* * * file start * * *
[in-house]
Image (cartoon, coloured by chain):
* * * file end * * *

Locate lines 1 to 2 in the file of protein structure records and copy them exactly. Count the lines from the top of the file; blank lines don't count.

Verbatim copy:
[in-house]
Image (cartoon, coloured by chain):